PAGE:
Red knots are stocky shorebirds known for their rusty red plumage during the breeding season. As champions of long-distance migration, many individuals fly nearly 19,000 miles annually between their breeding and wintering grounds.

Physical Description

Red knots have a thick, sturdy bill and short, stocky legs. Breeding adults are rusty orange from below with a mottled pattern of buff, rufous, black and brown above. Nonbreeding adults and juveniles are dark gray above and light gray or tan below with faint barring on the sides and chest. 


Red knots are comparable to the size of a robin. They are 9 to 11 inches (23 to 27 centimeters) long, with a wingspan of 22.5 to 24 inches (57 to 60 centimeters). They weigh between 4.5 and 7 ounces (125 to 205 grams), or about the same as an apple. 

Native Habitat

Red knots are grouped into six separate subspecies, two of which occur in the United States: 1) roselaari red knot, and 2) rufa red knot. The roselaari subspecies breeds in northern Russia and Alaska and winters in Mexico, southern Panama, northern Venezuela, and along the southeast coast of the U.S. The rufa subspecies breeds in the Canadian Arctic and winters along the coasts of Florida, Texas, northern Brazil, and southern South America (primarily along the coast of Tierra del Fuego in Argentina and Chile).  The rufa subspecies is the population that stops in the Delaware Bay during northbound migration to feed on horseshoe crab eggs.


Red knots can live up to 15 years.


Red knots perform distraction displays to lead potential intruders and predators away from their nest. The parents’ alarm calls signals the chicks to remain still, helping them camouflage better with their obscure plumage patterns. During courtship, male red knots have elaborate flight, ground and vocal displays to attract their mate.

Food/Eating Habits

Red knots are molluscivores, meaning they eat hard-shelled mollusks (mussels, clams) whole – shell and all! Their large gizzards crush the hard shells, allowing them to eat and digest the shelled prey. Aside from mollusks, they also eat soft invertebrates such as shrimp and crab-like organisms, marine worms, insects, and horseshoe crab eggs. 

Social Structure

During the breeding season, adults form pairs and establish territories. Outside of the breeding season, red knots migrate and winter in large flocks.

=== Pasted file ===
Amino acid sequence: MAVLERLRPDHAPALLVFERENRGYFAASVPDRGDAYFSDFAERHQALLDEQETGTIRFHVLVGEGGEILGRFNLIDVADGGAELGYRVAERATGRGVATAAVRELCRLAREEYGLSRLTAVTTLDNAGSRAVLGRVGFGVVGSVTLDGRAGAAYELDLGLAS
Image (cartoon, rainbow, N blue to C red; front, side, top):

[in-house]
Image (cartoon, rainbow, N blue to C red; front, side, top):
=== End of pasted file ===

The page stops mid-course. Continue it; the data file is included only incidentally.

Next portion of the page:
Reproduction and Development

Red knots breed from June through August. Males arrive to the breeding grounds first and quickly claim their territory through song flight displays. In these displays, the male flies upward with rapid wingbeats (sometimes 900 feet high!) and slowly glides back down while emitting a “whip-ooo-mee” sound. Males also prepare three to five sites for nests, all of which they show to their mate while using a specialized call and display.  

Nests are built on the ground in open tundra, not far from wetland habitat. The female ultimately selects the nest site and lines it with grasses, leaves, lichen and moss. Nest size averages about 4.7 inches (12 centimeters) wide by 1.7 inches (4.3 centimeters) deep.

Females lay three to four eggs per clutch. Both parents take turns incubating the eggs, lasting for a period of 21-23 days. Upon hatching, young are covered in downy feathers and are almost immediately able to leave the nest. Both parents initially care for the young, but the female departs before they can fly. The male will continue to care for the young until they fledge at 18 and 20 days old. It is also at this age that the chicks become independent.

Conservation Efforts

Habitat loss and degradation, pollution, reduced food availability (such as horseshoe crab eggs), and climate change are all major threats facing red knot populations today.

While red knots are considered Near Threatened under the IUCN, the U.S. Fish and Wildlife Service lists the rufa red knot as Threatened. States located around the Delaware Bay, an important stopover location for rufa red knots, are working to provide additional protections for red knots and horseshoe crabs. For example, New Jersey bans the harvesting of horseshoe crabs in the state and lists rufa red knots as endangered.

Help this Species

  • Reduce, reuse and recycle — in that order! Cut back on single-use goods, and find creative ways to reuse products at the end of their life cycle. Choose recycling over trash when possible.
  • Organize or attend a stream, river, lake or other waterway cleanup in your area to preserve aquatic habitats for local species.
  • Share the story of this animal with others. Simply raising awareness about this species can contribute to its overall protection.
  • Avoid single-use plastics, such as plastic bottles, bags and utensils. Choosing reusable options instead can help reduce plastic pollution.
  • Protect local waterways by using fewer pesticides when caring for your garden or lawn. Using fertilizers sparingly, keeping storm drains free of litter and picking up after your pet can also improve watershed health.

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